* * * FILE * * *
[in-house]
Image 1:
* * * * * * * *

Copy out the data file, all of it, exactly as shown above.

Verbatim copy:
[in-house]
Image 1: